When we cut ourselves, a tight mesh forms across the wound. Made of a protein called fibrin, this is literally our body's safety net. It helps to create a barrier against bacteria and provides the framework for a blood clot. This defence is supported by white blood cells (WBC), which move in and secrete an acid that kills harmful invaders. However, you can have too much of a good thing. While this acid is essential for the immune response, it can also have a disastrous effect on the development of fibrin webs. As the concentration of acid increases (depicted left to right), fibrin filaments that form are smaller and more densely packed. This structural change means clots break down slower – a symptom associated with diabetes and kidney problems. These results suggest that acid produced by abnormal WBC activity might play a role in these diseases.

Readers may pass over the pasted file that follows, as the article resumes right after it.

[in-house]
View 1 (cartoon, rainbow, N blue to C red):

Written by Jan Piotrowski
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